As so often happens, tests conducted demonstrated a significant change in temperature during the seances.
Not only were the seances sometimes rather noisy, events did not always proceed smoothly: on January 25, 1873, Moses recorded how after the table was levitated to head-height, the sitters requested that something be brought in from another room in the house. A heavy bronze candlestick was produced, and Moses complained that it 'struck me heavily on the head, and hurt me considerably...'.
Where did all these gifts come from?
Frank Podmore, who was hardly an ally of Spiritualism, with regard to the fashionable suggestion that Moses was mentally unstable, had to admit that Moses showed ‘no signs of undue abnormality’.
But he did have ‘persistent ill-health’ and he died in 1892 through Bright's disease. Bright’s disease is a kidney disease often caused by Vitamin D deficiency combined with a diet with high levels of oxalic acid.
Please note that all observations collected by him as well as his own experiences have all been listed under him, for both ease of reference, but also because even if the experience is of someone else he was often involved in the experience appearing at times to act like a bridge.
- F. W. H. Myers, 'The Experiences of W. Stainton Moses - II', PSPR, 11 (1895)
- F. W. H. Myers, 'The Experiences of W. Stainton Moses - I', PSPR, 9 (1893-94)
- Stainton Moses, More Spirit Teachings (London: Spiritualist Press, 1952)
- Stainton Moses - Spirit Identity - various imprints
About the observations
Spirit Identity – William Stainton Moses
In this part of my work I must claim indulgence if I do not give names and facts at length in every case. I pledge myself to the exact accuracy of every statement I make, and I will gladly satisfy any private enquirer respecting any case, if I can reasonably do so. But I am holden from the publication of names and addresses in some cases by the knowledge that friends of the departed are still surviving, and that I must respect their feelings. I have no right to invade the sacred privacy of the memory of their dead, even in such a cause as that of the demonstration of what is loosely called immortality.
History has been very harsh on Stainton-Moses. He is now being called a fraud, but I do not think this is true, I think he was a genuine medium, but extremely gullible. I also think he embellished a great deal in order to deliver a religious message. It may be helpful to read the observation entitled 'Mind reading' first, to get some background on the rest of the observations. The rest of the observations are accompanied by some background information for each which perhaps puts a slightly different interpretation on them than the conclusions he reached. The problem with the religious, is that they want to believe and can be manipulated to distort the truth.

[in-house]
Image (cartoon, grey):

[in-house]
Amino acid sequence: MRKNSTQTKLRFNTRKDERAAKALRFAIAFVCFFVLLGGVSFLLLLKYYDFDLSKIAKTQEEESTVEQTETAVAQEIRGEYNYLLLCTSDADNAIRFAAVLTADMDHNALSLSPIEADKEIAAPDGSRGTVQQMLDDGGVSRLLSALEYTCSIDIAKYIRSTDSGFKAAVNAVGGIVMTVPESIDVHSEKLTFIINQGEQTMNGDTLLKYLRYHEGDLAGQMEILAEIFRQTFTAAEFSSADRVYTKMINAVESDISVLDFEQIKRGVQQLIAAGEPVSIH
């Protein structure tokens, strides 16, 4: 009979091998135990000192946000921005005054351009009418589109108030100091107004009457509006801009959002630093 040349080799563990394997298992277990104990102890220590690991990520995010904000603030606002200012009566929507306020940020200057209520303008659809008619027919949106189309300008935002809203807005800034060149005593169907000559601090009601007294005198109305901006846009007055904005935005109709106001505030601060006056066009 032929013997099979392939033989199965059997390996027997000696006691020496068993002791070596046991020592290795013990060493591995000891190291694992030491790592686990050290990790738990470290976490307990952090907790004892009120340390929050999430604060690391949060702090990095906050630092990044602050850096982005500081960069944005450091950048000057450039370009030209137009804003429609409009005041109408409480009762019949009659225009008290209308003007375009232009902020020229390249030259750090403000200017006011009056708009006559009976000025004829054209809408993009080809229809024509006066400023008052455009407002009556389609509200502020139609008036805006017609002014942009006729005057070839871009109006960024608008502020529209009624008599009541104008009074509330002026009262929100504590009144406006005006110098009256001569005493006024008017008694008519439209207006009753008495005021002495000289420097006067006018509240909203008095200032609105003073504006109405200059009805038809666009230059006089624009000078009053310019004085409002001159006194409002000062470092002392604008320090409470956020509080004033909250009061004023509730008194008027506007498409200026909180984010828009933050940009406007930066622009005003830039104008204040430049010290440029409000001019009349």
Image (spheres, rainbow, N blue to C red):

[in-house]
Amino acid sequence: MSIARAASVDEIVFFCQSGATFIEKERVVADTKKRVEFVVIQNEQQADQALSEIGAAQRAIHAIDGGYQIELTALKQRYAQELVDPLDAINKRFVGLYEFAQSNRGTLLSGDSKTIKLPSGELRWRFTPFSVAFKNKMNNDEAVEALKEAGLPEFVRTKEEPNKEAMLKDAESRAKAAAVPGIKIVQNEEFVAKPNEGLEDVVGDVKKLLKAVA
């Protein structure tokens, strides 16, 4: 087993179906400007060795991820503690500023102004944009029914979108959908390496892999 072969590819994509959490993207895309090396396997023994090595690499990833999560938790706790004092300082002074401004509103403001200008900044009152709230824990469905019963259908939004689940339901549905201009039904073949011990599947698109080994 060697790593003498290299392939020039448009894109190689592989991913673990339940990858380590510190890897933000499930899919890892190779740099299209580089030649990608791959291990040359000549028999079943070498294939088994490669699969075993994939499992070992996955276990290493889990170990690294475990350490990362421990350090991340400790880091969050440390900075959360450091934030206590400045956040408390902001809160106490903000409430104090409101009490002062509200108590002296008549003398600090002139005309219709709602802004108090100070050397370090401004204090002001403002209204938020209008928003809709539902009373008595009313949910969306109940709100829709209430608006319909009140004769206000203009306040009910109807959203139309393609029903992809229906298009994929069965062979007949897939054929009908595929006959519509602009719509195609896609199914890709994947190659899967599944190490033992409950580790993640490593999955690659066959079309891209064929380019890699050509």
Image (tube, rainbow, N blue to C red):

Spirit Identity – William Stainton Moses
The buffoonery that passes current in the public mind for Spiritualism; the fraud and folly that besmirch it; the unclean things that get mixed up with it; the vagaries of the unbalanced minds that are inevitably attracted to a new and fascinating subject; these things I deplore, but contemplate without dismay. They are ephemeral and will live their little life and die. Born of human ignorance, nurtured by human folly, they will yield to advancing knowledge and increased sense of responsibility, when the true moral significance of the subject is recognised among us.
For iPad/iPhone users: tap letter twice to get list of items.
- Stainton Moses, William - Spirit Identity – I COULD CONVERSE WITH PERSONS WHOSE VOICES WERE IN MY EAR
- Stainton Moses, William - Spirit Identity – THE COMMUNICATION OF THE LADY WHO WAS A SIMPLE LOVING SOUL
- Stainton Moses, William - Spirit Identity – THE DEAD WINE MERCHANT COMES BACK TO SEE HIM
- Stainton Moses, William - Spirit Identity – THE MAN WHO WAS CRUSHED BY A STEAM ROLLER
- Stainton-Moses - extract from the Spiritualist describing the seances
- Stainton-Moses, William - Letter to The Spiritualist - The ‘odour of sanctity’
- Stainton-Moses, William - Proceedings SPR - Hearing Musical sounds
- Stainton-Moses, William - Receives a visitor
- Stainton-Moses, William - Spirit Identity - A DEAD MAN WITH MEMORY UNIMPAIRED AND CHARACTER INTACT
- Stainton-Moses, William - Spirit Identity - A LONG COMMUNICATION OF A VERY PERSONAL NATURE
- Stainton-Moses, William - Spirit Identity - EXTREMELY YOUNG CHILDREN SEND PRECISE DETAILS FOM INDIA
- Stainton-Moses, William - Spirit Identity - MRS SPEER'S LOST RELATIVE
- Stainton-Moses, William - Spirit Identity - READING MINDS
- Stainton-Moses, William - Spirit Identity - SEVEN MONTH OLD INFANT COMMMUNICATES IN FRENCH
- Stainton-Moses, William - Spirit Identity - THE WHISTLING SPIRITS OF THE DEAD
- Stainton-Moses, William - Spirit Identity - UNCANNY NOISES AFTER VISITING A GRAVEYARD
- Stainton-Moses, William - Spirit Identity - USING AUTOMATIC WRITING
- Stainton-Moses, William - Spirit Identity – ABSENCE OF PRECISION IN STATEMENTS
- Stainton-Moses, William - Spirit Identity – AGENCIES OTHER THAN THOSE OF THE DEPARTED
- Stainton-Moses, William - Spirit Identity – TENDENCY OF HISTORY
- Stainton-Moses, William - Spirit Identity – THE DISEMBODIED PHANTOM OF A GHOSTLY VISITOR
- Stainton-Moses, William - Spirit Identity – THE GATES BEING AJAR A MOTLEY CROWD RUSHES IN